permission to be great

How do you give people permission to be great?

Permission to be Great

Sometimes people need permission to be great.  When I consider the successes my company has experienced; I can often see how one or many people stepped up and went beyond in their service or performance of their job.  One of my most important roles is to release the greatness in the people I work with.  I have found that one way we can do this is through gratitude.  Gratitude has the power to release greatness in a person’s life.   

Showing and expressing gratitude is an effective tool to unlock the potential and greatness within a person.  The ability to observe and call out someone’s strength is an accelerant to releasing a deeper level of talent and skill.   Thanking someone for their service or contribution acknowledges their individual value and does a multitude of things; it builds confidence, it encourages growth, it provides positive feedback and creates momentum in the right direction.

What can Gratitude do?

According to a study by, 69% of employees will show better performance at work if they receive timely appreciation and recognition. And 78% of US employees said recognition drives their motivation levels. Other positive results show that employees will volunteer for more assignments, are willing to take an extra step to accomplish their tasks, and are happy work as a part of the team. Appreciation also yields a stronger group cohesiveness and better productivity.

There is an interesting account in the gospel of Matthew that shows how thankfulness releases something greater into a life. Jesus has just healed 10 Lepers.  In the aftermath of the healing one of the lepers returns to thank Jesus. As a result, that gratitude is acknowledge as an act of faith and Jesus declares that he is saved – meaning right with God and eternal secure in Him.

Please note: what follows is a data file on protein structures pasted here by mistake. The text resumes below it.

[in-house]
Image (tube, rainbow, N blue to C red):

““So where are the other nine?” Jesus asked. “Weren’t there ten who were healed? They all refused to return to give thanks and give glory to God except you, a foreigner from Samaria?” Then Jesus said to the healed man lying at his feet, “Arise and go. It was your faith that brought you salvation and made you whole.””

Celebrate what you want to Replicate

Anyone at any level can express gratitude. It can be to a co-worker, a manager or a boss but when leaders involve themselves in the process; a culture of appreciation is created. This builds a sense of value in everyone’s role in the company and has shown to be a catalyst for achievement and high performance.

Frequent, honest, public, and timely employee appreciation is important in the workplace.  Do you have a routine or rhythm of gratitude in your workplace?  A simple idea could be starting a staff meeting with recognition and appreciation, this demonstrates the value they bring to the company and creates an emotional connection that strengthens your team. Gratitude also reinforces good behaviors in the team. Gratitude can be expressed in words, awards, gift cards and is only limited by our creativity.

One word of warning when it comes to showing appreciation. Beware of sweeping generalizations.  Make your gratitude specific.  Don’t just say Thank You. Be intentional with your thanks, say Thank you for….  And include something that demonstrates you understand what they did.  This can be large or small.  An example may be something like “Thank you for setting the temperature in the conference room and making sure it was clean.  It made the atmosphere comfortable and demonstrated the professionalism of the company. It had a big impact on those clients.”

Whatever you celebrate will replicate – What do you want more of in your job, company, or business?

“The deepest craving of human nature is the need to be appreciated.”

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